ACTIVITIES/CREDITS: Always check banner for check in, degree audit, and PE class registration to make sure everything you need to do for the term is ready.
WORK ON CAMPUS: Work-study students, make sure to visit JobNet to grab available jobs for the term! word of mouth is also a way to go.

Plus, the Dartmouth Academic Skills Center has got some wonderful blank weekly, termly, and even 4-year planners to help you map out your term now. Visit their website and scroll to the “Time Management” section to download the templates and a detailed academic calendar for Spring 2012.

STUDY SKILLS: 10 Tips for Staying Well During Finals

A few weeks ago, we asked the DOSCs how they managed stress during exams. It’s more important than ever around finals when everything is piling up (especially if you’ve been unlucky and you have many end-loaded classes). The Academic Skills Center has compiled some great tips from Casey Gardiner ’11 on how to stay well during finals and make it through to Spring Break, which I promise is just around the corner.

1. Get adequate sleep. It will help you work more efficiently, learn and retain information better, and do better on your exams. (All-nighters are a bad idea for your health AND your grades!)

2. Try out relaxation exercises or a guided meditation: learn how to do them at http://www.dartmouth.edu/healthed/relax

3. Keep moving! Don’t cut out your exercise time during finals period. The gym is a great place for a study break (leave your readings and flash cards at home to give your mind a rest!) or go for a run or take a walk outside. Don’t want to leave your dorm? Go up and down the stairs a few times, have a dance party with your roommate, or do yoga.

4. Keep laughing. Laughter can reduce stress and improve your mood, so watch, read, or listen to something funny as a study break!

5. Watch your caffeine intake. It will stay in your system longer than you think and can keep you from falling asleep when you need to. Adequate sleep, healthy eating, and exercise can keep you energized without caffeine!

6. Let your eyes rest. Give your eyes periodic breaks while you’re studying. Look out the window at something far away and focus on it for 15 seconds before returning to your computer screen or textbook.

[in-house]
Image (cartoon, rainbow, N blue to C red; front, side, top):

7. Eat healthy foods. Protein-rich foods can help you sustain your energy and your focus. Sugary foods can give you an immediate energy rush, but you’ll crash later. Leave the library to get some fresh air and a balanced meal instead of ordering in or overdoing it on Novack baked goods.

8. Take a walk outside, especially in nature. It will clear your head, get you moving, and can help improve your memory!

9. Eat breakfast before your morning exams!

10. Keep everything in perspective: they’re just exams. You’re really smart, and you can handle them.


Good luck on finals and have a relaxing interim break!





PS. For a printable version of this information and much more, check out the ASC website. Or just pay a visit to the ASC; they’ve got walls of handouts that are wonderful and informative and loads of really friendly and helpful people.

ASK THE DOSCs: Managing Stress During Midterms

Unfortunately at Dartmouth it can feel like once your midterms start, they just never stop until finals are over. As many a Dartmouth student will tell you, the 10-week term (or 9 weeks, in the case of winter) goes by at breakneck speed. So, as one can imagine, knowing how to manage your stress and not burning out are incredibly important. Some DOSCs share their tips on how to manage their stress. However, keep in mind that not all these tips will work for everyone, and it’s important to find out what works best for you.